Virgin Atlantic celebrates its thirtieth anniversary later this month.
On 22 June 1984, flight VS1 departed London Gatwick for Newark airport, operated by a Boeing 747-200 aircraft bearing the name “Maiden Voyager”. The airline has grown significantly since then. It now flies to approximately thirty destinations worldwide, principally from London Heathrow and London Gatwick airports.
Whilst Virgin has struggled in recent years with the airline losing money for four of the past five years and it suspending a number of routes (Accra, Nairobi, Sydney), it remains one of aviation’s most iconic brands, marketing itself with a confidence and flair that few can match, and is known for punching well above its weight in terms of its profile in the industry.
Flight VS1 still operates to Newark today, but from London Heathrow which is now the airline’s principal base for flights to North America. New York continues to be one of Virgin Atlantic’s most important routes with the airline operating a combined six flights a day (nine if you add Delta codeshares) to Newark and New York JFK airports combined.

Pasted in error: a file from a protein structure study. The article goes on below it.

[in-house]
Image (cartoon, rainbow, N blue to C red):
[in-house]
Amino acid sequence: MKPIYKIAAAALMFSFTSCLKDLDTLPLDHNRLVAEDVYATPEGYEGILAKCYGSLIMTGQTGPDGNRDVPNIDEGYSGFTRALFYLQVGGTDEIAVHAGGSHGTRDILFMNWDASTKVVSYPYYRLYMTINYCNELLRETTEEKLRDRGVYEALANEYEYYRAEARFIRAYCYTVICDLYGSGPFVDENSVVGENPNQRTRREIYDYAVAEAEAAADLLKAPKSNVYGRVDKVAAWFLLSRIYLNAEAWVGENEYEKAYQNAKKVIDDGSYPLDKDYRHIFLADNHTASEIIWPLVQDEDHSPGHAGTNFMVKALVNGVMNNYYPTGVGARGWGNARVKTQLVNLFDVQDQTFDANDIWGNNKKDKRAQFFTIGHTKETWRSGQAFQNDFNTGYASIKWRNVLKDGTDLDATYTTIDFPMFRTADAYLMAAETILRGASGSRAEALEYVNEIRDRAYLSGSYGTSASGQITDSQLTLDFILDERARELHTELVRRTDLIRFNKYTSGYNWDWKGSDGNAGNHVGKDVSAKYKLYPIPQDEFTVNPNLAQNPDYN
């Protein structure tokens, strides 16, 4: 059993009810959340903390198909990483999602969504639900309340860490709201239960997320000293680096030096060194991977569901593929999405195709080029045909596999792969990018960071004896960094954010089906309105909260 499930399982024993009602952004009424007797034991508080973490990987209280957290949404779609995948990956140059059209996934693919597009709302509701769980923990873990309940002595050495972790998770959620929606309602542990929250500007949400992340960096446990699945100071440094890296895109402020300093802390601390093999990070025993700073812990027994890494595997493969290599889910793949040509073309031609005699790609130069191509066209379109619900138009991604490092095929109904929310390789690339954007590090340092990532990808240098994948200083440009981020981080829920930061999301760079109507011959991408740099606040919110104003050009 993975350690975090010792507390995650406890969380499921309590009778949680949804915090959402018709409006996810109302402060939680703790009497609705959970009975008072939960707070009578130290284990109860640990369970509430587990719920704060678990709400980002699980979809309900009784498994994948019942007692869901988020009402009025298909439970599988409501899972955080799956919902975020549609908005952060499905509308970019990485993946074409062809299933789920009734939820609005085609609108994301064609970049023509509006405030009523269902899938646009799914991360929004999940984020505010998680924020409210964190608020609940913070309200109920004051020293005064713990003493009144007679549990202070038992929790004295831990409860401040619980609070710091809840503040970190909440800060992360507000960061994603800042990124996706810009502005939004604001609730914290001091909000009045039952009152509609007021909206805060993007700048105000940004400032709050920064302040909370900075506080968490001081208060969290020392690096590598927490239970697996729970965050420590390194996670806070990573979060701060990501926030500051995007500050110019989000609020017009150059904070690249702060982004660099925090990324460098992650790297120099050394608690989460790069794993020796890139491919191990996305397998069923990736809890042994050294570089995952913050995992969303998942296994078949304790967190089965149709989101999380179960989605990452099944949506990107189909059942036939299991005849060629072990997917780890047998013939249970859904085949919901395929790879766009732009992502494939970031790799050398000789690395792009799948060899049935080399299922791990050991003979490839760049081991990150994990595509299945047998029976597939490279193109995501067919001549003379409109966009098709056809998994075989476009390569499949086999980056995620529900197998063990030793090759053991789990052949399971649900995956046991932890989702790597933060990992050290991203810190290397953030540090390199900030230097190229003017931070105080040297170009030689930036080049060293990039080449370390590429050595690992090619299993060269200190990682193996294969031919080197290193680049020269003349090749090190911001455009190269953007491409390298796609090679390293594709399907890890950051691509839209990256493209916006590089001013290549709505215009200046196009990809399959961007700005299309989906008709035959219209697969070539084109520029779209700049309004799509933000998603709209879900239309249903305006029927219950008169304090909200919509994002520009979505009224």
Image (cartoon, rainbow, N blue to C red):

Here is the first of a collection of images from Virgin Atlantic’s 30 year history, starting with the launch of the airline in 1984 and its inaugural flight:
Alan Hellary, Sir Richard Branson and Randolph Fields hold a press conference in February 1984 before the launch of Virgin Atlantic Airways.
Sir Richard Branson holding a model Boeing 747 at a press conference for the launch of Virgin Atlantic airline on 29 February 1984. Sir Richard announced a plan for a scheduled service between Gatwick and Newark using a leased 747. The fare was to be 99 pounds.
Another image of Sir Richard Branson at a news conference to launch the airline.
Sir Richard Branson on the steps of a Boeing 747-200 “Maiden Voyager”, on the day of its inaugural flight, 22nd June 1984.
Sir Richard Branson celebrates the first flight of Virgin Atlantic with a group of celebrities, including singer Holly Johnson, actress Bonnie Langford and actress Suzanne Danielle.